On January 20, 2021, at the inauguration of our 46th President Joe Biden, we were mesmerized by the words of Amanda Gorman, from her poem The Hill We Climb: “For there is always light, if only we’re brave enough to see it, if only we’re brave enough to be it.” This young African American woman is our first American Youth Poet Laureate.
As we celebrate Black History Month, let us honor countless African American writers and leaders who inspire us with their words. They emphasize the power of literacy and use the power of their own words to teach and motivate us. Frederick Douglass, African American leader, writer and abolitionist advised, “Once you learn to read, you will be forever free.” And South African leader Nelson Mandela’s words remind us still today, “Education is the most powerful weapon which you can use to change the world.”
Toni Morrison and Malcolm X both spoke about the power of books. Morrison: “If there is a book you really want to read but it hasn’t been written yet, then you must write it.” Malcolm X: “People don’t realize how a man’s whole life can be changed by one book.”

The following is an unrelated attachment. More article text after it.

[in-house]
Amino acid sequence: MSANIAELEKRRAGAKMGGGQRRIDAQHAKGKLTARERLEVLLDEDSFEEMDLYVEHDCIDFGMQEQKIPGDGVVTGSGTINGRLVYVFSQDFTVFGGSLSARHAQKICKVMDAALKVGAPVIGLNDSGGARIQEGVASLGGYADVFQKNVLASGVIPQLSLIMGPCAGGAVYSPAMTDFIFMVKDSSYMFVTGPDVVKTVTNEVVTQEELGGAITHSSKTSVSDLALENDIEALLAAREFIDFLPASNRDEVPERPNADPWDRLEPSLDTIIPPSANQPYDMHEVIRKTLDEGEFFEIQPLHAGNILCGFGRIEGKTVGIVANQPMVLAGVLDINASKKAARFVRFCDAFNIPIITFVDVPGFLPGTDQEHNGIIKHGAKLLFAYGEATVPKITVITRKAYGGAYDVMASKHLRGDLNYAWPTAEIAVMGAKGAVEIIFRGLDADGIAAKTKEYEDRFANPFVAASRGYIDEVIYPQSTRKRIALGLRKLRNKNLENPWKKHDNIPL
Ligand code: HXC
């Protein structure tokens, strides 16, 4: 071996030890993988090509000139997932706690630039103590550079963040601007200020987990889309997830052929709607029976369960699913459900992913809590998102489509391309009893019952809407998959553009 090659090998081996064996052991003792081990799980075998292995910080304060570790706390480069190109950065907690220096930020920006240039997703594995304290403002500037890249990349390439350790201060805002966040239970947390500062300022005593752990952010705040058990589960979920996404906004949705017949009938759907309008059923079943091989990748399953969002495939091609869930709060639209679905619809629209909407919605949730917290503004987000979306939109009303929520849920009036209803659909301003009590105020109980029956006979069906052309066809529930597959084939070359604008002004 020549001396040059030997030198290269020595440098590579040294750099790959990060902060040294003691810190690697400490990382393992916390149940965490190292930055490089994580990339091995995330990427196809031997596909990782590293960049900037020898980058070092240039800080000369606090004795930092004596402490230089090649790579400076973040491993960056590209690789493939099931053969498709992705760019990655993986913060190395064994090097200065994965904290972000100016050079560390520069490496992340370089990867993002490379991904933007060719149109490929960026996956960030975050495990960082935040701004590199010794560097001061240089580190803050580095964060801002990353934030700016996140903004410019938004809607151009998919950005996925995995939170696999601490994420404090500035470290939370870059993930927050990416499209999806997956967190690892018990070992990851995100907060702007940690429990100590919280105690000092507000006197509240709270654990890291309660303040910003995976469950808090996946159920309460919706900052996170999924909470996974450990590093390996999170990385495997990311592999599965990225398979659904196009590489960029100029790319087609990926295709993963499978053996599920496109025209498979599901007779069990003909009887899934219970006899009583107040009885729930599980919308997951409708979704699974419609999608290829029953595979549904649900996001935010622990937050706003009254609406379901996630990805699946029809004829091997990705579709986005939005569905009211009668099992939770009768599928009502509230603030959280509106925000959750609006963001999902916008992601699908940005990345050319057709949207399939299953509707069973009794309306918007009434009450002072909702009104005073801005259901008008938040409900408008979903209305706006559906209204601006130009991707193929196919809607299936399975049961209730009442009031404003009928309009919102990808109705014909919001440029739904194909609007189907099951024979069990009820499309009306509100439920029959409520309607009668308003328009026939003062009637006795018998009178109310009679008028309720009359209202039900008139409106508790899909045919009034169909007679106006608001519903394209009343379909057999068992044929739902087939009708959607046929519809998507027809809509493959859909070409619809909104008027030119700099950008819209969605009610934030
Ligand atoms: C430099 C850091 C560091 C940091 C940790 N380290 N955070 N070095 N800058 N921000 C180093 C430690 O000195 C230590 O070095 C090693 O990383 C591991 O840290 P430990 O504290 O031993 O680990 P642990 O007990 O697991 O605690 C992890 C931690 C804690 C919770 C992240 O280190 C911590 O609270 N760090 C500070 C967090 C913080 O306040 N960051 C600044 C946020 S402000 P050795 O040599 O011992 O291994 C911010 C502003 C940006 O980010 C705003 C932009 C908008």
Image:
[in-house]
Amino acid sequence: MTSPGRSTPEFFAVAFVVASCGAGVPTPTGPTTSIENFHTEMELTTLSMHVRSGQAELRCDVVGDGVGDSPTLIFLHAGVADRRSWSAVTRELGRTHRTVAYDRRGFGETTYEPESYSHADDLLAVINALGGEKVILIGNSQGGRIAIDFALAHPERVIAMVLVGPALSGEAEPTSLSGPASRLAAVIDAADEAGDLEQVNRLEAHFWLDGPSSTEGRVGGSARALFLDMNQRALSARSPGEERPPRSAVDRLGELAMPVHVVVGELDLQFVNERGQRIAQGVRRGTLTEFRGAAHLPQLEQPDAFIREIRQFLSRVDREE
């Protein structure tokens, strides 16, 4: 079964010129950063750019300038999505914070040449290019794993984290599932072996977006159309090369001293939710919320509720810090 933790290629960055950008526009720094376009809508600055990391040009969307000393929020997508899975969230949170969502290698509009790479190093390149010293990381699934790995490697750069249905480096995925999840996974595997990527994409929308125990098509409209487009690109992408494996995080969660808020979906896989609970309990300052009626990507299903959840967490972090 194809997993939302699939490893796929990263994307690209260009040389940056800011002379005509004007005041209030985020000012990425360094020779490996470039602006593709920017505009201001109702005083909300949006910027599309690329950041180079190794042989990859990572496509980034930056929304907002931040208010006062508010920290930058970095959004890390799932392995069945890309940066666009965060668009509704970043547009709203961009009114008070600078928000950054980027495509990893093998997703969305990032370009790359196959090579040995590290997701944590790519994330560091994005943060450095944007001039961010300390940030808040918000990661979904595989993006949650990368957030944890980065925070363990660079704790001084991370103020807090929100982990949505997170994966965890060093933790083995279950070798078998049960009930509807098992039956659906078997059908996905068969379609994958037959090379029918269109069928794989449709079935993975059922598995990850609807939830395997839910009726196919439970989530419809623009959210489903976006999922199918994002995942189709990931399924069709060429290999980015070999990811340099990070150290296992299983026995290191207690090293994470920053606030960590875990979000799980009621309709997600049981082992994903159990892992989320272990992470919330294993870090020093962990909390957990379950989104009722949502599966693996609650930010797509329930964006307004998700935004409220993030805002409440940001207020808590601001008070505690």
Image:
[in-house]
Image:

“Literacy is a bridge from misery to hope. It is a tool for daily life…For everyone, everywhere, literacy is, along with education in general, a basic human right…Literacy is, finally, the road to human progress and the means through which every man, woman and child can realize his or her full potential.” Kofi Annan, Secretary General of the United Nations, 1997-2006.
Chatham Literacy is dedicated to helping adults in our community acquire the literacy and educational skills they need to function successfully. Literacy leads us to “the light” and makes it possible for us “to see it”…and “to be it”.
Hope you are staying safe, warm and dry,
Chatham Literacy Executive Director